The key element focused on this section is Tolkien’s success in building up Gandalf as a figure of might, transforming into a figure of safety for the journey. Tolkien has established the magical potency of his central Wizard: we are shown, initially, the fun and fantastical fireworks he produced; informed of his greater might by Strider; further shown glimpses of it at Weathertop and Caradhras, and then fully revealed in the confrontation with the Werewolves. Thus far, Gandalf is the most powerful figure the reader has seen appear on page. The greater ones — Saruman, higher in the order of the Istari (wizards), and Sauron the Great Evil — remain threatening figures in the background still. The Balrog crosses over this line. It is the first equally-matched being that appears in direct context and conflict in narrative.
II. The Building Tension: The Long Dark of Moria
Tonally, one element Tolkien consistently develops very well is a sense of building dread. A Knife in the Dark is rife with it; a feeling of unnerving exposure, the fear of discovery from the Nazgul at any point. Such a feeling originally begins to weave its way through Three Is Company back in the Shire: the black riders are established as an immediate thing to fear, growing eerier with each encounter. The thrill and terror of the flight from Moria brings Tolkien’s sense of rising tension to new heights; it feels more grandly intense than anything that has come before.
The uncertainty of Moria, and its eeriness, as a path is established by the company’s split reactions to it. Even to hobbits — our untravelled surrogates almost as new to Middle-Earth as we are — it is a place of vague evil. Boromir and Legolas, two heroic figures, are cowed and set against it. Aragorn himself offers perhaps the most startling objection, loyalty to Gandalf will compel him to follow but he has some dark foreboding about the place:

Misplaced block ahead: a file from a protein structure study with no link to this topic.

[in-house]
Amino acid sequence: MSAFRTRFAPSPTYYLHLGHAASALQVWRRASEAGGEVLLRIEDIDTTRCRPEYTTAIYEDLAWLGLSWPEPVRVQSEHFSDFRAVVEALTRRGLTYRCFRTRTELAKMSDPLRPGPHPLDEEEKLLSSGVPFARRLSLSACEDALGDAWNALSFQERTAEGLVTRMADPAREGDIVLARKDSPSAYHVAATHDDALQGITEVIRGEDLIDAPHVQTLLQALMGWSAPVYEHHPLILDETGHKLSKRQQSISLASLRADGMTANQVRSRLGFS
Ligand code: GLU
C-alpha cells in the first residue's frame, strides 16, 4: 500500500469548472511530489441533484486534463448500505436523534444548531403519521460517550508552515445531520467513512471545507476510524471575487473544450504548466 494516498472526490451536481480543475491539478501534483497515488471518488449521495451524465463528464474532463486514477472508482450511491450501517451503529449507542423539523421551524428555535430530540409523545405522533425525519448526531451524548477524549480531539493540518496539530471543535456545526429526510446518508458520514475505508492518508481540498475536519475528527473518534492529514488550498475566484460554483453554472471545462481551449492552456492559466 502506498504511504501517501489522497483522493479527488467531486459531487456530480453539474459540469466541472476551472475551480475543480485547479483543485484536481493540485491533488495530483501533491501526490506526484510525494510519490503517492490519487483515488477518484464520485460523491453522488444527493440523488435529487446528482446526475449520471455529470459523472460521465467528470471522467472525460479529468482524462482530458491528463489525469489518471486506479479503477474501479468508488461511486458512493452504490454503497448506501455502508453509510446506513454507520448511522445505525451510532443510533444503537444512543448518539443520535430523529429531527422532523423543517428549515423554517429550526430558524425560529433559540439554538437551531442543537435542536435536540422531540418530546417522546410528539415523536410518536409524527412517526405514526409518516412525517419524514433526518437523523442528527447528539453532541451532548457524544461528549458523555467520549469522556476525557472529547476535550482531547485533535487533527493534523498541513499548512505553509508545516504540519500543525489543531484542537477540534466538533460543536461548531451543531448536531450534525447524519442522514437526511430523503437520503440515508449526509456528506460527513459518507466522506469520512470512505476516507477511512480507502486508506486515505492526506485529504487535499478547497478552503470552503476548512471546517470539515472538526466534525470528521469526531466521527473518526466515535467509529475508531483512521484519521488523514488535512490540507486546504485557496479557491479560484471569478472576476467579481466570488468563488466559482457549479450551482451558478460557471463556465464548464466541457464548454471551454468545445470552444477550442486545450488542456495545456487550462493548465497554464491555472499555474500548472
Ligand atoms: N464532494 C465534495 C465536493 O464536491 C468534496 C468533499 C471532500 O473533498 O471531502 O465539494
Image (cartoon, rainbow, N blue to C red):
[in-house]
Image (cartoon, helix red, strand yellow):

“It is not of the Ring, nor of us others that I am thinking of now, but of you Gandalf. And I say to you: if you pass the doors of Moria, beware!”
It is a curious statement: Strider appears to have some insight into the doom of the Moria path. These objections work to offer an unnerving quality to the entry of the ancient kingdom. Still, if one worries for Gandalf, they can be partially stifled by his inspiring defeat of the werewolves. Moria is steeped in lore, as all places of Middle-Earth are, yet compared to the previous settings lost to time it is not simply a crumbling relic of the past world; there is an active disturbance to it. Its once flowing river and falls have become barren. A dark, reeking pool has flooded the once open gates. At Amon-Sul, Tolkien explored a sorrowful and empty land; Moria is sinister as well as sad.
Behind them the sinking Sun filled the cool western sky with glimmering gold. Before them stretched a dark still lake. Neither sky nor sunset was reflected on its sullen surface. The Sirannon had been dammed and had filled all the valley. Beyond the ominous water were reared vast cliffs, their stern faces pallid in the fading light: final and impassable.
‘Final and impassable’:even upon its entry Moria appears defeating. The lake is thick and grotesque, and as will be revealed, harbours an ancient menace. Furthering emphasising the tonality of Moria is the tragedy of its history. The doors now shut once remained open, and their simple — albeit long-forgotten — password underlies the ravages of war and time on Middle-Earth: “Quite simple. Too simple for learned lore-masters in these suspicious days. Those were happier times!” Gandalf exclaims when the doors are opened. The impression of Moria is not simply that it has been lost to time, but actively rotted and corrupted by evils in the world. Once an open road to the friendships of Elves and Dwarves, now emptied and closed-off, a relic of happier times is now a black myth that seasoned warriors dare to enter.